A stroke is defined as the sudden death of brain cells caused by inadequate blood flow to the brain. It is estimated that there are between 40,000 and 50,000 stokes in Canada every year. Sadly, 16,000 of those unfortunate individuals are not lucky enough to survive the stroke; making stroke-related deaths far more numerous than heart attack and atherosclerosis related deaths combined!
Most of us are aware that our overall cardiovascular health plays an important role in determining our heart attack risk, but did you know it also contributes greatly to your stroke risk? How you may ask? Well, many strokes occur because a buildup of deposits causes your artery walls to harden, and this reduces your body’s ability to deliver blood to your brain. Some other strokes occur because of a blockage of arteries within the brain. The most common cause of strokes however, is considered to be uncontrolled high blood pressure. If your cardiovascular health is in order, your arteries will remain healthy and elastic and your blood pressure will be stabilized; and your stroke risk should therefore be vastly reduced. Although there is no way to completely eliminate your stroke risk, supporting your cardiovascular system with natural heart remedies such as gingko and fish oil can help to lower your risk. Magnesium has long been revered as a natural heart remedy, and recent research suggests that a diet rich in this mineral also reduces your stroke risk.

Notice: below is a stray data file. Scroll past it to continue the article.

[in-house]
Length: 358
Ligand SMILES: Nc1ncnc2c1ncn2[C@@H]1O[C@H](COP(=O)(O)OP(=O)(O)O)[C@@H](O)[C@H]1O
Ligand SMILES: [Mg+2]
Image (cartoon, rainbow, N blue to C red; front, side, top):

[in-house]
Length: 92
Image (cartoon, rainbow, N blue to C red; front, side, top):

Magnesium is the fourth most abundant mineral in your body. Recently Swedish researchers compiled data from seven separate studies that included more than 240,000 people, the results of which were published in the February 2012 issue of The American Journal of Clinical Nutrition. The researchers examined the seven studies to see how much magnesium rich foods people consumed and how many of them had strokes, whilst statistically controlling for a variety of potentially confounding factors such as age, blood pressure, smoking, BMI, alcohol use, diabetes and family history. The researchers found a substantial correlation between a high dietary intake of magnesium and a lowered stroke risk. In fact, a “person’s risk of having a stroke decreased 8% for each additional 100 mg of magnesium,” they consumed per day.
Magnesium’s ability to reduce stroke risk may possibly be threefold. Firstly, magnesium is well known for its ability to reduce high blood pressure—the number one cause of strokes. Secondly, magnesium has been found to dilate arteries and increase blood flow throughout the body, including the brain. Finally, magnesium reduces the risk of blood clots and may thereby reduce thrombotic stroke risk, which occurs when a blood clot forms in one of the arteries that supplies blood to your brain.
The Swedish study only examined the effects of dietary magnesium and it did not confirm whether or not magnesium supplements would have the same stroke risk reducing effects. So until further studies are done, your best bet for lowering your risk for stroke is to emphasize the following magnesium rich foods: leafy green vegetables, legumes, beans, almonds, nuts and seeds, dairy products and whole grains.
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